NeoClassical Theather

by AMBP371
Last updated 5 years ago

Arts & Music

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NeoClassical Theather

People of the time believed that it was necessary to exercise some restraint as a result, and to concentrate more on what each person could contribute to the whole society.

During the Neoclassical era was that the previous periods had been much too lax, focusing excessively on emotions and the individual.

People of the time placed a heavy focus on decorum, or dignified behavior, and realism, and they believed that the primary reasons for a play were to provide entertainment and to teach a lesson

Movement in the mid-17th to early-18th centuries in which the theatrical arts were defined by the ideas and styles of ancient Greek and Roman societies

NeoClassical Theather

Five Rules

Decorum called for scripts to demonstrate fairness in the way characters were portrayed and judged on stage.

People living in this period also usually expected actors to be as realistic as possible and to portray their characters exactly as they would have behaved.

The idea that a play should be structured with exactly five acts ties to the three principles, or unities, devised by Aristotle.

Playwrights and actors in the Neoclassical period officially recognized just two types of plays: comedy and tragedy.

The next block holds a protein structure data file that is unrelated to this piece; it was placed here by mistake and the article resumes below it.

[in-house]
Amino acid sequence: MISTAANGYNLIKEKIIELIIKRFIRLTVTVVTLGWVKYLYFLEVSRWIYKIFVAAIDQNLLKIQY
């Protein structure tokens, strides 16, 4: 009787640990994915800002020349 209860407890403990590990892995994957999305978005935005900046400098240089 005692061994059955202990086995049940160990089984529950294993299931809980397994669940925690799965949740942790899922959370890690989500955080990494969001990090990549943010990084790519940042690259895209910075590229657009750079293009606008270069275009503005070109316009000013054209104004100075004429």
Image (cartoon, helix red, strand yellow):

These included five basic rules: purity of form, five acts, verisimilitude or realism, decorum and purpose.

Introduction of Women

For hundreds of years, only men were allowed to be on the stage. The general view was that women should not be involved in public spectacles or put into a more prominent position, and some people believed that women were so busy thinking of other things that they couldn't possibly remember and deliver lines properly. Prepubescent boys or men who could manipulate their voices took female roles as a result. During the Neoclassical period, however, women were allowed to be shareholders of theatre companies and to participate in productions, resulting in the some of the first professional paid actresses.

Major Playwrights

Pierre Cornielle (1606 – 1684) is often called the father of the French tragedy

Jean-Baptiste Poquelin - better known as Molière (1622 -1673) - is known for his comedies.

Jean Racine (1639 – 1699) was a tragedian beloved for his simplistic approach to action and the linguistic rhythms and effects he achieved.



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